A Japanese magnetic levitation (maglev) train has broken its own world speed record. In a test run near Tokyo’s Mount Fuji, the train hit 374 mph (603 km/h). The train’s previous speed record was 367 mph (590 km/h). Central Japan Railway, which owns the train, hopes to have service between Tokyo and Nagoya up and running by 2027. The 174-mile (280 km) trip would take only about 40 minutes. That is less than half the time it currently takes. The trains, however, will not operate at the maximum speed once passengers are aboard. Instead of traditional rail, like Japan’s famed Bullet Train, a maglev train uses magnets to hover above its tracks. The lack of friction allows it to reach such high speeds. By 2045, another maglev line is planned for Tokyo to Osaka. That trip would take just one hour. The Tokyo-Nagoya line is estimated to reach a cost of $100 billion. In addition to use in their home country, Japanese officials hopes to sell the technology to other countries as well. Prime Minister Shinzo Abe plans to pitch the idea to United States officials for a line from New York City to Washington, DC.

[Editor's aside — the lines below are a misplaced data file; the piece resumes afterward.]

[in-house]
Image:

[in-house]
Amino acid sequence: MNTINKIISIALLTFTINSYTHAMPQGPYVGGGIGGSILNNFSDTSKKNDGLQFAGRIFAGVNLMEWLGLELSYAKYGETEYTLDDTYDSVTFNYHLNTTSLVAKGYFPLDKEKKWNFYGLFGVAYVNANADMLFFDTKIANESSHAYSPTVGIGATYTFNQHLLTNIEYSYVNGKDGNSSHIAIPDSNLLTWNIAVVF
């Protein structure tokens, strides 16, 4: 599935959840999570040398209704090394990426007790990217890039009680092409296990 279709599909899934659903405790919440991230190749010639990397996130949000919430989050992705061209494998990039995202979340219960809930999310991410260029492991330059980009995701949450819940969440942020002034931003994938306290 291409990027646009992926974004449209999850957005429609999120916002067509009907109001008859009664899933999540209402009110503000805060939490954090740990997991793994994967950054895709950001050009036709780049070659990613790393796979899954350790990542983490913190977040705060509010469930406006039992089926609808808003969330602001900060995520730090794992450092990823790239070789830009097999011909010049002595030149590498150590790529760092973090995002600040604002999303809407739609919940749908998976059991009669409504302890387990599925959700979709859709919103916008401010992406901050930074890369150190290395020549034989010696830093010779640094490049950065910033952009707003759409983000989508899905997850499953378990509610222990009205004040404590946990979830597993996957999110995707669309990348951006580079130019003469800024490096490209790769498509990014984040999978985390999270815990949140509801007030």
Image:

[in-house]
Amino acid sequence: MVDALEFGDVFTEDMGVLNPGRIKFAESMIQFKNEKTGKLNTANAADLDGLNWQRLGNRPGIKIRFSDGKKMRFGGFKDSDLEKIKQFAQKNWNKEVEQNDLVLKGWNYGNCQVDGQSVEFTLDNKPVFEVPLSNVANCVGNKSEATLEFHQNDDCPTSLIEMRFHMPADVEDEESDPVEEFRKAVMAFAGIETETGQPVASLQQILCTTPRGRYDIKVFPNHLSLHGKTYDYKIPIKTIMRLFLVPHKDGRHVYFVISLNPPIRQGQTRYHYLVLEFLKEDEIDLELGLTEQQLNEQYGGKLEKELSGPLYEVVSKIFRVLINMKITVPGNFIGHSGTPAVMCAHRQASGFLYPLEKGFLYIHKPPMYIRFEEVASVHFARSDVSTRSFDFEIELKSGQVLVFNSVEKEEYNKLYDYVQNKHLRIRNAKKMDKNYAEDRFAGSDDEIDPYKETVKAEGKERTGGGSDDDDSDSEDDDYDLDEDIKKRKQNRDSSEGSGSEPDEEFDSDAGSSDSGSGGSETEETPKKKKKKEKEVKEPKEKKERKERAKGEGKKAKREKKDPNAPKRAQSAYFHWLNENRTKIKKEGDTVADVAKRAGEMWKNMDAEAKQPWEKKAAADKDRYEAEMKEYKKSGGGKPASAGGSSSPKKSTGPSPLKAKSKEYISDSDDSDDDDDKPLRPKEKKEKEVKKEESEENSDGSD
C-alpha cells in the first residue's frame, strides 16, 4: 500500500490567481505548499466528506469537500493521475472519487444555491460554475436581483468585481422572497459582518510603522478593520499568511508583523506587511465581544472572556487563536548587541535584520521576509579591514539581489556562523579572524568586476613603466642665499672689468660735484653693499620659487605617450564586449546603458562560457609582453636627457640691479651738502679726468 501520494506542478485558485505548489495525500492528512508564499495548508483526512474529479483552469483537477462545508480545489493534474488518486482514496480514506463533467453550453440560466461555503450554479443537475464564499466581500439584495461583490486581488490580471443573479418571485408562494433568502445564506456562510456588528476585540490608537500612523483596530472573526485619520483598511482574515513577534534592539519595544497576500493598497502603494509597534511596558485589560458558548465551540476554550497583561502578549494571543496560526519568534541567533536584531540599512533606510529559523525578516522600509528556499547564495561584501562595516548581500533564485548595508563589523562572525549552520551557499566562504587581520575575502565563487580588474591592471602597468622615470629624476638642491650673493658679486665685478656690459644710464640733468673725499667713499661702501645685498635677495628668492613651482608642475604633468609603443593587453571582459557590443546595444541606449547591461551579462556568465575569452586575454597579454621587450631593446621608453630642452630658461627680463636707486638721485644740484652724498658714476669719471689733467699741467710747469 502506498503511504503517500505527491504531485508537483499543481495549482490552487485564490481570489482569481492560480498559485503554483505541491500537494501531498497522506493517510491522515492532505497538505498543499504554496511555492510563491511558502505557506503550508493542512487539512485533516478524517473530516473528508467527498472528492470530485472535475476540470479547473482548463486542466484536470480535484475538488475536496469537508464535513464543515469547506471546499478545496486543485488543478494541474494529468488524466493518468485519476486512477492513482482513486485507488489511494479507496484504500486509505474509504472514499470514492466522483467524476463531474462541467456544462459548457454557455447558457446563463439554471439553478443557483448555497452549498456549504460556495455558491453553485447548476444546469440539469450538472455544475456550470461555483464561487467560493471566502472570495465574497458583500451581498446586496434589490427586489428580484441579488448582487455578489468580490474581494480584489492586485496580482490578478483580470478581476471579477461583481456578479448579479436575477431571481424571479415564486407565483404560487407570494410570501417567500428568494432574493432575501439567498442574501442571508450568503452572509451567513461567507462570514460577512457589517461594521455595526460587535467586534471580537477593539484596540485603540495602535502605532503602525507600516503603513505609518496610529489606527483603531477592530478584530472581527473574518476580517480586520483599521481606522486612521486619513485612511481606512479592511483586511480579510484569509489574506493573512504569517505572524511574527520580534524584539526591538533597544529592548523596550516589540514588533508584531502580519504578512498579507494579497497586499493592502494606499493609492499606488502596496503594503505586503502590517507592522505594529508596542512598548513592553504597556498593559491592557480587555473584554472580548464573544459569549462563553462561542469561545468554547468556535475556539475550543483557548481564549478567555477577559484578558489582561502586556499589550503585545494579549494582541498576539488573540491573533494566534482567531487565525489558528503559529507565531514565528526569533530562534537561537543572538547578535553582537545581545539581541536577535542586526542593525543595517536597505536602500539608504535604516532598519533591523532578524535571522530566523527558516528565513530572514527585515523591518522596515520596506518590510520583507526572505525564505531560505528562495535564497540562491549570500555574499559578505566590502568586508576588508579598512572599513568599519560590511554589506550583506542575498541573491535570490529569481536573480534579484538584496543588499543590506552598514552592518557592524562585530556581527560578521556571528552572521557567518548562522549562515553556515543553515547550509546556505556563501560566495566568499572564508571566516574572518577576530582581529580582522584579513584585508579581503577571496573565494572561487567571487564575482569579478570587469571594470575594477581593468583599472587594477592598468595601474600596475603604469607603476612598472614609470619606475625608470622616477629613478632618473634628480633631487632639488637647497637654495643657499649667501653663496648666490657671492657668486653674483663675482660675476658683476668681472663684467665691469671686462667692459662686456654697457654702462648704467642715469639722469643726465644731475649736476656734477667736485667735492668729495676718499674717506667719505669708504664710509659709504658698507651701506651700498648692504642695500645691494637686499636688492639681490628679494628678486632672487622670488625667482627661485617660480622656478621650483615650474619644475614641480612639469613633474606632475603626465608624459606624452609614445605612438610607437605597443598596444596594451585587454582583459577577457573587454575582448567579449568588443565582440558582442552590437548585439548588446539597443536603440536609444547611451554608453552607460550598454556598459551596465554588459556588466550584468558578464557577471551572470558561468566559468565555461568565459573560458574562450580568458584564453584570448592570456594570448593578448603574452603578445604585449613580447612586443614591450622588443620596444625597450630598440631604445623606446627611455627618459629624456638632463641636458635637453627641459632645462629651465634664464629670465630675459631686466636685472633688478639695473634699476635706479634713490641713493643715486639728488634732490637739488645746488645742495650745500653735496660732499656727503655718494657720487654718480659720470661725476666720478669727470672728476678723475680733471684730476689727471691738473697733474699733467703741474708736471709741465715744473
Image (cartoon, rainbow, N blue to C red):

Photo of a Japanese maglev train by Dom Pates/Flickr Creative Commons.